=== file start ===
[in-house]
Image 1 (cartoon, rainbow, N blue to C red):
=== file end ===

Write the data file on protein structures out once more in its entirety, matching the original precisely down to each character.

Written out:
[in-house]
Image 1 (cartoon, rainbow, N blue to C red):